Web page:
Leftist students at Evergreen State College in Olympia, Washington, have formed a vigilante group whose purpose is to "community police" the campus, according to College Fix.
While the specific reason for the formation of the bat-wielding group is not known, speculation is that the group was formed in response to the campus closing on Monday due to an "external threat." This would be the second time the campus had closed in four days due to threats. The first threat closed the campus for two days after someone had phoned the college saying someone was going to bring a .44 magnum to school and shoot "communist scumbags."
On Monday, Vice President for Student Affairs Wendy Endress sent out a memo to "colleagues," which included a memo sent out on Sunday by Sharon Goodman, director of Evergreen’s Residential and Dining Service. In the email obtained by College Fix, Goodman asked for the student group to lay down its arms, as it was making other students on campus feel intimidated and unsafe.
From the memo:
Dear RAD Students,
We are aware of a small group of students coordinating a community patrol of housing and campus. We acknowledge and understand the fear and concerns that are motivating these actions. We also understand that these students are seeking to provide an alternative source of safety from external entities as well as those community members who they distrust.
Community patrols can be a useful tool for helping people to feel safe, however, the use of bats or similar instruments is not productive. Some members of this group have been observed carrying batons and/or bats. Carrying bats is causing many to feel unsafe and intimidated. The bats must be put away immediately in order to protect all involved. Non-students participating in this activity are advised to leave campus.
College Fix reports that Goodman's memo offered students workshops with “trained restorative justice facilitators” to help finish out their final week of school.
Also within the email, Endress encouraged colleagues to council students to embrace choices that de-escalate tensions on campus. She also mentioned a professor who said one of his students feared for their safety.
According to the professor, the student said, “Because I had shown some criticism to the protest that was occurring on campus in earlier weeks I have become targeted and harassed by a wide number of students on campus. Recently, there have been a number of students who patrol lower campus with weapons like baseball bats and tasers who claim to be making the campus safer but in reality are making campus more hostile.”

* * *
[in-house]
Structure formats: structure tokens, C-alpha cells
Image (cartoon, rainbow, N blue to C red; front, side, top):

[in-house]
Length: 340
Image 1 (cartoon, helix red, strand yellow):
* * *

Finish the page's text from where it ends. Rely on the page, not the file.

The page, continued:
The climate of the Evergreen campus has been dangerously hostile. Biology Professor Bret Weinstein faced backlash from students when he disagreed with black and Latino students forcing white students off of campus during the "Day of Absence." Weinstein was later confronted by a hostile student mob who screamed profanities at him. The Olympia police chief told Weinstein that “it is not safe for me to be on campus,” thus forcing Weinstein to hold his classes in a nearby park.
Weinstein posted a picture of some of the bat-wielding students on his Twitter page, claiming that some have already been hit, but won't report on it.
Credible reports protestors w/ bats roaming campus for 2 days. People hit, won't report. @heathereheying students &… https://t.co/yfqyA9Kmkh— Bret Weinstein (@Bret Weinstein)1496703627.0
One student has already been assaulted by an Evergreen student mob. A freshman at Evergreen named Nolan — whose last name was not given — protested the treatment given to Weinstein by writing apolitical references to the band Limp Bizkit in chalk around campus. The video shows Nolan having water poured on him, and his glasses ripped off and thrown by students. In a second video, Nolan and his friends are accosted by a group of students, one of which is carrying a bat.
The students in the second video appear to be the students seen in Weinstein's tweeted photo.
A coalition of students of color gave Evergreen College President George Bridges a list of demands on May 27. One of these demands is that all weapons possessed by campus police be sold, and for a student collective to develop and implement an alternative to campus policing. Whether or not this bat-wielding group of students is the alternative to policing noted in the list of demands has not yet been specified.